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HIPAA: 3 Steps to Regulatory Compliance

HIPAA provides the framework medical institutions need to ensure patient privacy and keep their sensitive information secure. However, despite being in existence for decades, HIPAA compliance isn’t guaranteed. Here are three steps to help your healthcare business ensure HIPAA compliance.

HIPAA is the law of the land regarding patient information. The goal of HIPAA is to give medical institutions directions on how to protect patient information. These areas of patient data include:
An individual’s complete history of their physical and mental health conditions.
The treatment or provision the individual has access to.
An individual’s payment information for said health care.

What isn’t always clear to institutions is the best practice to protect this information and how easy it is to fall out of HIPAA compliance. Therefore, it is critical to developing a security plan that protects your data and is also HIPAA compliant. HIPAA recommends three areas or steps which can protect patient data better.

The Three Steps to HIPAA Compliance
When developing your HIPAA Plan, there are three safeguards you need to consider before your medical organization can be considered compliant. Each safeguard adds a layer of protection between your data and cyber criminals while helping your practice protect patient data. These safeguards include:

1. Technical Safeguards
Technical safeguards focus on ensuring that only authorized people can access patient data. If you follow current events, you are aware that many data breaches are due to poor password hygiene. For example, Florida’s water treatment plant breach was due to the practice of sharing passwords. Some ways to ensure that only authorized users have access to patient data include:

Unique User Identification.
A standard for protecting data, Two-factor Authentication (2FA), has become familiar to most organizations and individuals. When 2FA is enabled access to data is granted only after two forms of authentication are provided, usually, something you know (like a password or PIN) and what you possess or are (through a cell phone application, or via fingerprint).

Automatic Logoff.
It is not uncommon for healthcare professionals to multitask when accessing patient data. Unfortunately, when doing so they may walk away from their system, and inadvertently leave a tab open which exposes patient data. If the windows are inactive for a predetermined period, automatic log-off will log team members out of the system, preventing unattended systems from being compromised.

Encryption and Decryption.
Data is most vulnerable when it is being transmitted from one server to another. To prevent your information from being intercepted, it is essential when your team is sending email, saving to the cloud, or accessing the internet, that your data is encrypted.

Emergency Access Procedure.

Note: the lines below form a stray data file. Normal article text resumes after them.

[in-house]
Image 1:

Finally, you need the ability to gain access to the system in case of an emergency, such as a ransomware attack that may have locked you out of your network. Without the ability to regain control of your data, you are creating the possibility of no longer being able to manage your patient data.

2. Administrative Safeguards
Administrative safeguards focus on your team and how best to give them tools to help keep patient data secure and otherwise comply with HIPAA. The goal is to provide your team with the tools they need to be an asset to your organization and not a hindrance.

Staff Training Programs.
As we have noted previously, your team will be targeted by cybercriminals seeking to gain access to your patient data. For example, if your team is unprepared for phishing attacks, which is the main method used to fool your team, your data is at risk. It is essential that you train your team to recognize and report suspicious email activity.

Policies and Procedures.
One area businesses frequently neglect is having a plan for what happens when a team member leaves the organization. Unfortunately, it is not uncommon for an organization to neglect to remove a departed member’s credentials, exposing the network to compromise as the credentials are no longer being monitored. Additional policies should include what to do if a team member fails a phishing test, as well as documenting what security measures your team members are expected to follow.

Auditing and Monitoring.
If you don’t know your areas of weakness, you can’t develop a plan to protect your data. You need to regularly test, troubleshoot, and benchmark your security protocols and processes to ensure they are optimal and up-to-date and provide your organization with the data security it needs.

3. Physical Safeguards
In today’s digital landscape, many businesses underestimate the value of a strong lock and heavy door when it comes to protecting patient data. HIPAA’s regulations recommend physical safeguards to prevent unauthorized access to where you store your patients’ data. While this can include secured rooms, you should also consider security cameras, protective cases for your routers, and other physical measures to secure where you store sensitive information.

We have a proven track record of working with medical organizations and assisting them with their HIPAA compliance.